Department of Biology

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Peter Grønkjær

Professor, Associate Professor

P. Grønkjær
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MY RESEARCH

I study the processes that lead to change in fish populations - in order to improve predictions of how fish populations will respond to human exploitation and climate change.


EXAMPLES OF RESEARCH PROJECTS

Fish earstones (otoliths) contain information about the age of fish but also their metabolic rates and their diets. By analyzing carbon and nitrogen isotopes of earstone protein, I examine changes in diets of fishes driven by fishing and climate change over the last 100 years. I also analyze carbon isotopes in the earstones to gain knowledge of the metabolism of fish and how the metabolism is influenced by changes in ocean temperatures, food and stress factors.


IMPORTANT METHODS AND RESULTS

My research has shown that the long-term catch from a fish population is determined by its position in the food web, and that the position changes in relation to climatic factors.

I have developed a method to document historic and contemporary food webs by analyzing earstones from research cruises, museum archives and kitchen middens. This enables me to map out positions of fish in the food web with very high temporal and spatial resolution, and to explore how food webs change in relation to climate and fisheries. The results show that there have been massive changes in the fish diet during the last 80 years as a direct response to climate changes and fishing.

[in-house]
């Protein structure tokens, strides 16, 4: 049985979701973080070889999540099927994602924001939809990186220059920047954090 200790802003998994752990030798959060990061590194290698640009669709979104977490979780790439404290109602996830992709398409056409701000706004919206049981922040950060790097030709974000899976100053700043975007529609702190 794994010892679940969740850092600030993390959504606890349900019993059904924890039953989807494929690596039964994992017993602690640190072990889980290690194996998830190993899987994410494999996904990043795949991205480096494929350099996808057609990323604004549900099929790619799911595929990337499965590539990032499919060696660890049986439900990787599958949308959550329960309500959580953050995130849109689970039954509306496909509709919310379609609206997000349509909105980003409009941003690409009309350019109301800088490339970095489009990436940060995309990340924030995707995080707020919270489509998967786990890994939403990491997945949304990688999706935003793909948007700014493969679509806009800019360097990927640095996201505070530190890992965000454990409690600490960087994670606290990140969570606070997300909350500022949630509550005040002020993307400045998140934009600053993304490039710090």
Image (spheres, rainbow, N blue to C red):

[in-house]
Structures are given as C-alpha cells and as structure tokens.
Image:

Furthermore, my analysis of fish metabolic rates show that the increasingly warmer temperatures in the coastal habitats of juvenile cod increases their metabolic rate to a point where they can no longer survive in these important habitats.


COLLABORATION

I collaborate with a wide range of reseachers from physical oceanography over animal physiologys to molecular ecology.
The new methods I have developed has been developed in collaboration with researchers from Taiwan, France and UK.


OTHER PROFILES

Twitter @petergronkjaer

Grønkjær FishEco Lab

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